I really don't care about the PR battle and am pleased that they don't either. If they do the right thing and, eventually, field a winning team, the fans will come back and new ones will jump on the bandwagon. This is one of the things that interests me about this draft. I suspect that when all the cards have been played, it will be clear that they have spent enough money on draftees that they could have signed the big-ticket guy in the first round if they had wanted to. I just don't think that they thought it was the right thing to do and were willing to weather the fan backlash that they knew would come. Was it the right decision? I have no idea. But I'm quite happy that they are willing to take PR hits if it is done with the intent of making sound baseball decisions.


I want to second this. Although I am not thrilled with the pick, the PR thing is stupid. I am sure NH will take all the bad PR right now to win be competitive three years down the road. Drafting Aaron Crow because it is good PR is not how to run a baseball team.

NH and Co. have a strategy. They will live by it or die by it.

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 Post subject: Re: Serious questions on the draft
PostPosted: Wed Jun 10, 2009 2:43 pm 
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Piratefan13 wrote:
In summary, I believe that the organization has improved markedly since the departure of Littlefield and still has room to grow. If you will notice, NH has competition at every position in the organization, the more talent he aquires, the more competition, and the more production we will reap from our prospects.

Some fans can lose their head over a single draft choice like Sanchez and be completely missing the larger picture. I choose to inspect the depth of the organization and see that it has a much brighter look than just 2 years ago.

PF13


Interesting analysis, PF13. No question, the farm system is much stronger, especially in the lower minors, than what they inherited from the prior administration. I don't see how anyone can argue that fact.


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 Post subject: Re: Serious questions on the draft
PostPosted: Wed Jun 10, 2009 2:47 pm 
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burghermeister wrote:
Ryann wrote:
A small market team can't afford these top talent free agents every season. To get top talent into the organization they must draft the best player available. Really that is the strategy for most team to draft the best player available not the player with the best talent to cost ratio.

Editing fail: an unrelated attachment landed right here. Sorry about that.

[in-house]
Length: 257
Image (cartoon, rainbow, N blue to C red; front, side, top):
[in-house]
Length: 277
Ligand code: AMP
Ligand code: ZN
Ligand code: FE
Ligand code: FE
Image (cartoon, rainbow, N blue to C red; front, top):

Ok. So small market teams have limited resources. But is it a given that they should use these limited resources to overpay by millions of dollars for draftees who they do not deem worthy of such money? Should they pay Pedro Alvarez bonus money to someone who is clearly not the equal of Alvarez in potential? Or is it acceptable, in years where this is the case, to instead distribute the limited bonus money among several lower-round players, some of whom may only be in the lower rounds because of their salary demands?


:lol:
Your a total joke! How many more totally terrible moves will the Pirates have to make before you accept the fact they aren't run right? You can't come up with a good argument! Crow wouldn't have wanted Alvarez money. The Pirates picked sanchez to save money because they are a cheap organization. So many more talented players and the Pirates pick a less talented player. They even reached in some of their later round picks!

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 Post subject: Re: Serious questions on the draft
PostPosted: Wed Jun 10, 2009 2:51 pm 
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Ryann wrote:
:lol:
Your a total joke! How many more totally terrible moves will the Pirates have to make before you accept the fact they aren't run right? You can't come up with a good argument! Crow wouldn't have wanted Alvarez money. The Pirates picked sanchez to save money because they are a cheap organization. So many more talented players and the Pirates pick a less talented player. They even reached in some of their later round picks!


Just curious. If the Pirates have a budget of $5 million for their draft this year and they spend $5 million, does your theory of the Pirates only taking Sanchez because ownership is cheap still hold water?